Finra is determined – more than ever, it says – to crack down on high-risk brokers. But advisors are urging that any proactive move must include a clear definition of what exactly makes a broker fall under a high-risk designation.
“We’ve always been focused on high-risk individuals but when there are 633,000 registered persons [in Finra], I think historically we didn’t do as effective a job as we should have with the data and information we have,” Susan Axelrod, executive vice president of Finra’s Office of Regulatory Operations, said last month at the self-regulator’s annual conference in Washington, D.C.
In its 2017 regulatory and examination priorities letter, Finra identified attention to high-risk and recidivist – or repeat offender – brokers as its #1 priority.
“Many elements of our regulatory programs today are focused on preventing bad actors – whether they be firms or individuals – from entering the securities industry, identifying those that emerge, and, where necessary, pursuing discipline for misconduct and restitution for investors to the fullest extent of our authority,” Finra CEO Robert Cook said in a speech at Georgetown University on Monday.
Finra’s Office of Fraud Detection and Market Intelligence is its “central repository” for gathering and evaluating information about broker misconduct, Cook said. It operates a whistleblower office; triages information from various sources including tips from Finra field examiners, regulatory filings, media reports and investor complaints; expedites the review of high-risk tips and fraud-related matters by senior staff; and coordinates closely with federal and state law enforcement, he added.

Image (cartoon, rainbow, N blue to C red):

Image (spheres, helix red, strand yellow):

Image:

Last year, OFDMI referred 785 matters – including potential insider trading and fraud – to the SEC and other law enforcement agencies.
Since 2014, OFDMI has been escalating cases in which a broker is believed to be engaging in misconduct or is an imminent threat to investors. In such cases, investigators and enforcement lawyers conduct expedited investigations and disciplinary actions regarding the broker, which has led to Finra barring nearly 300 individuals from the industry, Cook said.
OFDMI “takes in every single filing made by every single firm, and there’s a process there where we look at the intelligence coming into the organization whether through the filing, the whistleblower tip line, the customer complaint forum, and we will tag individuals in that intake process that we think are designated higher risk,” Axelrod said.
The data and analytics used by OFDMI have helped it identify high-risk brokers by an average of around 100 days per person, with the shortest period taking only eight days, Axelrod said.
“That’s pretty quick,” she said. “What we’ve done is a more effective job of weeding out a lot of the factors that go into the model. For example, the research will show that a more recent action or regulatory event will be more predictive in terms of someone’s propensity to commit a future violation than an event that goes back 20 years.”
OFDMI has also stepped up in identifying groups of high-risk brokers “who are working together, leaving together, joining other firms,” she said.
“Over the past five years, 40% of the firms we’ve identified at the highest risk level are out of business.”
Firms that hire high-risk brokers are placed under greater scrutiny, says Axelrod, who expects this to intensify: “Our specialized examinations team will create a specialized team this year with additional resources to supplement reviews of high-risk brokers – that means specialized exams on site and for those who left the business more recently. We will monitor their activities to make sure we’re notified the minute they come back in.”
An investigation by Reuters identified 48 Finra-member firms where at least 30% of the brokers have a Finra flag on their records, including regulatory sanctions, civil judgments, personal bankruptcies and broker terminations after allegations of misconduct.